How to Maintain a Healthy Blood Pressure - NYCM Insurance Blog

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Feb 17, 2023

How to Maintain a Healthy Blood Pressure

According to the American Heart Association (AHA), nearly half of Americans have high blood pressure, but many don’t know about it. Maintaining a healthy blood pressure is important to a healthy lifestyle, and a consistently high blood pressure can lead to serious or potentially fatal health complications. Read more to learn what is high blood pressure, what are the threats, what are the causes, who’s at risk, and what you can do to lower your blood pressure.

What is High Blood Pressure?

Known as the “silent killer,” high blood pressure, or hypertension, is when the force of the blood moving through your vessels is consistently too high. Blood pressure is measured in two numbers: a ‘systolic’ number - or upper number - and a ‘diastolic’ number - or lower number. The AHA puts blood pressure ranges into five categories:
  1. A normal blood pressure is any reading consistently below 120/80 mm Hg.
  2. An elevated blood pressure is when your upper number ranges from 120-129.
  3. An individual has stage one high blood pressure when their numbers are 130-139/80-89 mm Hg.
  4. An individual has stage two high blood pressure when their numbers are higher than 140/90 mm Hg.
  5. A blood pressure reading of more than 180/120 mm Hg is considered a hypertensive crisis.

What Are the Threats of High Blood Pressure?

High blood pressure can lead to a number of dangerous health threats affecting different parts of your body over time. If untreated, threats that can come as a result of high blood pressure include a heart attack, stroke, heart disease or failure, vision loss, and kidney disease or failure. In many cases high blood pressure does not bring with it many obvious symptoms, so it’s important to regularly monitor your blood pressure and seek treatment if your numbers are consistently above the threshold.

What Contributes to High Blood Pressure?

Many different factors affect your blood pressure, some of which are modifiable, like your diet, and some of which are out of your control, like your age. A few of these factors are:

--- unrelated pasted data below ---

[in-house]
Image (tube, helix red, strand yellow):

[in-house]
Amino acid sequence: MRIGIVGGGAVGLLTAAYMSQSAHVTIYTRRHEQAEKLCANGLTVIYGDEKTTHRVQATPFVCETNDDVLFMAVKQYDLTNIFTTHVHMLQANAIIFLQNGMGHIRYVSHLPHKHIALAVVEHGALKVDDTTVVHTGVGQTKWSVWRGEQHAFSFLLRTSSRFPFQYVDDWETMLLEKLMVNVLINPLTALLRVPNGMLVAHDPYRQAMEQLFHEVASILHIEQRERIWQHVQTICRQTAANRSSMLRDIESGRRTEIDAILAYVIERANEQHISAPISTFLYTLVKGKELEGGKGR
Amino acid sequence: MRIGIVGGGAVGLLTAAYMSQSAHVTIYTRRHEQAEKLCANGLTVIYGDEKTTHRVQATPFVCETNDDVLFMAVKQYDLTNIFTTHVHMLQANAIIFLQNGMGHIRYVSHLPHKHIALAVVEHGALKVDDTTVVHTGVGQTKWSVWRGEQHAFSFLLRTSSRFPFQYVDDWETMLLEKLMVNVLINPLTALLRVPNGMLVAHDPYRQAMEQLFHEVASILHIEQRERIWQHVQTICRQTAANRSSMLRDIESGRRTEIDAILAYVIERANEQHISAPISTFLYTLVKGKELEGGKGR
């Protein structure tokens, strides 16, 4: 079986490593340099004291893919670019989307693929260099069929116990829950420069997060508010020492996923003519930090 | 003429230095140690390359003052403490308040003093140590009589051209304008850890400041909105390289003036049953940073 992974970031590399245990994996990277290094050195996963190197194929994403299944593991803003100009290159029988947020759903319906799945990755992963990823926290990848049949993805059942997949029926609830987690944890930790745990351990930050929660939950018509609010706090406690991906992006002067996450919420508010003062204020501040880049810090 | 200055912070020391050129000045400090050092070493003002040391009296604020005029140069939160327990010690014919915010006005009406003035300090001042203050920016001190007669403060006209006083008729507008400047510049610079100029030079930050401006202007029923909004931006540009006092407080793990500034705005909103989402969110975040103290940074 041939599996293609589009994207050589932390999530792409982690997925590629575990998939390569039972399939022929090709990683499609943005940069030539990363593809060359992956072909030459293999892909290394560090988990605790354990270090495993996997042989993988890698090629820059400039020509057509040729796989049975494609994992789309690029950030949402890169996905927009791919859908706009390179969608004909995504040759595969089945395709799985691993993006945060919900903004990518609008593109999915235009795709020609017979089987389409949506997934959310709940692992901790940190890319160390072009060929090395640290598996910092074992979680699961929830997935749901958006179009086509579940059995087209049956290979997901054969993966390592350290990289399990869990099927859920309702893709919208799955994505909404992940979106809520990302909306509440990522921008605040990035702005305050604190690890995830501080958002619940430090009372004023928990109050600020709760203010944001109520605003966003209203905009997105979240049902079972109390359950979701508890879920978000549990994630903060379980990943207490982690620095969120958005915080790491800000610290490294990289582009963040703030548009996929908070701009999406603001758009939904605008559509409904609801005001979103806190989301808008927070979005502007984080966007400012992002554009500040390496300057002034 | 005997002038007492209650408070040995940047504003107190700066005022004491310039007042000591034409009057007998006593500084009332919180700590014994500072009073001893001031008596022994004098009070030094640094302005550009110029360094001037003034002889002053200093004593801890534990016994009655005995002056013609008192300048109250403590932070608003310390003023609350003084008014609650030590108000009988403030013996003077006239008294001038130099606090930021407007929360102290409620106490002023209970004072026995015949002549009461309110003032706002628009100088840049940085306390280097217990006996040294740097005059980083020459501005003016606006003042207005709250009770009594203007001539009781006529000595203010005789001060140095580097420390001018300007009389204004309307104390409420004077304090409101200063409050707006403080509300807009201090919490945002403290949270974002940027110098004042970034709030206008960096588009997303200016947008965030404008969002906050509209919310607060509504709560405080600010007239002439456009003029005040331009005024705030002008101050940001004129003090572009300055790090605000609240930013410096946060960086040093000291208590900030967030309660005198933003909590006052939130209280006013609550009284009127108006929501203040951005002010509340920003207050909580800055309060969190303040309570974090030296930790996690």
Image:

Diet: An unhealthy diet - specifically one that includes a high level of saturated and trans fats and salt - can cause health problems, including high blood pressure. Consuming too much alcohol can also lead your blood pressure to spike beyond healthy levels.
       Physical Activity: A lack of regular physical activity can be bad news for your heart and circulatory system, including your blood pressure. Inactivity increases your odds of heart attack and stroke.
       Being Overweight: Being overweight can put extra strain on your heart, leading to high blood pressure.
       Smoking and Tobacco Use: Smokers and individuals who use tobacco products are at an increased risk of high blood pressure and other heart-related issues.
       Age: Older individuals stand a higher risk of hypertension than younger individuals. Fact: Below the age of 65, men have a higher risk of high blood pressure than women, but above the age of 65, women are more at risk.

Who’s at Risk?

Your age, gender, race, fitness, and family history can all impact your blood pressure.
Older individuals are more at risk because as you age, your blood vessels become less elastic and so blood pressure naturally rises.
According to the AHA, African Americans tend to have a higher risk of high blood pressure in America than any other race.
People who have a history of high blood pressure or chronic kidney disease in their family are at a higher risk of developing high blood pressure.

What Steps Can You Take?

One of the most important things you can do to maintain a healthy blood pressure is to regularly monitor it so that you’re aware of what’s normal for you. If you’re finding your blood pressure is consistently elevated or high, you should contact your doctor to develop a plan to lower it.
Some steps you can take are:
       Improve your diet by eating less saturated and trans fats and sodium. Incorporate more fruits, vegetables, and whole grains into your diet, and try to limit salty foods and red meat.
       Stay active! By regularly exercising and keeping active, you can improve your heart health and decrease your odds of heart attack or stroke.
       If you are a smoker, quitting can pay positive dividends to your heart and the other systems involved in regulating your blood pressure.
       Try to find healthy ways to manage stress.
Because some of the risk factors are outside of your control, healthy lifestyle changes might not be enough to lower your blood pressure. Consult with your doctor and consider medication to lower your blood pressure if necessary.
Did you know NYCM Insurance is a sponsor of the American Heart Association? Read here about our employees advocating for heart health.